July 17 Energy News

July 17, 2018

Opinion:

¶ “As subsidies wane, market forces drive the growth of renewables” • For twenty years, Germany had a subsidy scheme for renewables. As that was replaced by an auction system, the market has proceeded along a bumpy road. Now, the declining costs of wind and solar power are increasingly competing on their own merits. [GreenBiz]

Path in an Indian national park (Don Mammoser | Shutterstock)

¶ “An Open Letter To California Energy Commissioners On The Rooftop Solar Mandate” • The conventional wisdom in electricity generation is that scale matters. But this outdated notion rests on the assumption that electricity generators compete only in the wholesale market. California’s nearly 1 million solar roofs debunk this myth. [CleanTechnica]

Science and Technology:

¶ A thought experiment published by London-based climate charity 10:10 Climate Action raises the question of whether the many lost rivers of London, now running through tunnels, could again become the lifeblood of one of the world’s great cities by using heat pumps to provide low cost, low carbon heating and cooling. [CleanTechnica]

London

World:

¶ Renewable energy developer KP Energy announced it has signed an agreement with GE India to set up a 300-MW wind power project at Kutch in Gujarat. The project would use 120 wind turbine generators of 2.5-MW capacity each and is likely to be connected to the power grid and commissioned in September of next year. [ETEnergyworld.com]

¶ JA Solar, by some accounts the world’s third-largest solar PV module supplier, announced securing loans in connection with a 1.5-MW PV cell manufacturing plant it is building in Vietnam. The plant will further the company’s ability to ship products from countries other than China, which has been the target of trade barriers for several years, [CleanTechnica]

Solar cell manufacture

¶ China and the EU reaffirmed their commitments to the Paris climate pact and called other signatories to do the same, saying action against global warming is increasingly important. After President Donald Trump’s decision to withdraw the US from the agreement, China and the EU have emerged as world leaders on climate change. [ETEnergyworld.com]

¶ Seeking a competitive edge in the world’s renewable energy auctions, manufacturers of both onshore and offshore wind turbines are having to increase the pace of innovation. This is driving “unprecedented growth” of the next-generation of onshore and offshore wind turbine sizes, according to research from MAKE Consulting. [CleanTechnica]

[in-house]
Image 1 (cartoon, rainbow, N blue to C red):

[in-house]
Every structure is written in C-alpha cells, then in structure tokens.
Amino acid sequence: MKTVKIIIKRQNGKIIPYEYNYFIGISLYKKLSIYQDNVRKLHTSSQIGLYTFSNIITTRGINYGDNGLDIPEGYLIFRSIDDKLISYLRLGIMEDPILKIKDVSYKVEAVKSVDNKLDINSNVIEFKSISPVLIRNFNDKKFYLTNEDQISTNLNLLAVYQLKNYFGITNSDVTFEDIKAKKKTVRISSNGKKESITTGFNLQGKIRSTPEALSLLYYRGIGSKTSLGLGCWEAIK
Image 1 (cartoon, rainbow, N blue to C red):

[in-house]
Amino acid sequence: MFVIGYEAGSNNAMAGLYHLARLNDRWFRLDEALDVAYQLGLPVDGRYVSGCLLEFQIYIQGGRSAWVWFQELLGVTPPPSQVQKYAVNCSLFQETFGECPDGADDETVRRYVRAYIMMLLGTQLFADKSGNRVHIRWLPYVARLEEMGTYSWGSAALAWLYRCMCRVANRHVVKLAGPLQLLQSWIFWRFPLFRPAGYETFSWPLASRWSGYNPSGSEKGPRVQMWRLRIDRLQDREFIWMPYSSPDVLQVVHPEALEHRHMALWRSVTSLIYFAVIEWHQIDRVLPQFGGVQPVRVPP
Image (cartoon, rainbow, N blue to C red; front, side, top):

GE Renewable Energy’s 12 MW Haliade-X offshore wind turbine

¶ The Danish Energy Agency developed a sophisticated modelling tool to calculate the levelized costs of energy. It provides costs of €30/MWh for electricity from onshore wind and €40/MWh for solar power. The cost of electric power from Danish offshore wind projects is €46/MWh, and this makes offshore windpower cheaper than nuclear power. [Business Insider Nordic]

¶ A UK rail freight company said all its sites and offices will be powered by 100% renewable electricity. DB Cargo UK signed a three-year agreement with SSE Business Energy to supply its sites with green power. This is estimated to help reduce 5,000 tonnes of carbon emissions a year and equivalent to powering almost 4,000 homes. [Energy Live News]

UK rail transit (Image: DB Cargo UK)

¶ The global power sector is witnessing a gradual transition from conventional thermal power generating sources toward clean energy technologies. The renewables share was 8.6% in the global energy mix in 2010 and is expected to increase to 22.5% in 2020 as per a recent thematic research report Renewable Energy by GlobalData. [Power Technology]

¶ Despite the spin the government put on the Australian Energy Market Operator’s Integrated System Plan, its supporting data shows that the National Energy Market could be almost 85% renewable by 2040, with only 7.25 GW of coal power left in the country by then. Coal’s current 40% share of capacity could drop to just 6%. [RenewEconomy]

Hazelton Power Station (CSIRO, Wikimedia Commons)

¶ Ontario’s Energy Minister is refusing to say how much it will cost taxpayers to cancel 758 renewable energy contracts in an effort to save $790 million, as opposition parties accuse him of leaving Ontarians in the dark. “It’s still money out the door. The people deserve to know that,” said a Green Party Leader. “It’s very disturbing.” [Toronto Star]

US:

¶ The Missouri Public Service Commission is supporting a 600-MW wind project filed by The Empire District Electric Company. It found that the company had presented credible and persuasive evidence that the Customer Savings Plan, if implemented as designed, would generate customer savings of about $295 million over 30 years. [Windpower Engineering]

Midwest wind farm

¶ A study released by the Smart Electric Power Alliance says Massachusetts needs to upgrade its infrastructure to take the next steps in clean energy. While the state is a leader in clean energy and the reduction of greenhouse gases, it is behind some other states in upgrading infrastructure and optimizing distributed energy resources. [Daily Energy Insider]

¶ A garbage-to-energy plant in Elk River, Minnesota, could be going out of business, a victim of falling prices for electricity. Officials of the Elk River Resource Recovery Project announced it would shut the plant down in March 2019, if it could not find a buyer. The project removes recyclable metals from garbage and burns it to generate power. [TwinCities.com]

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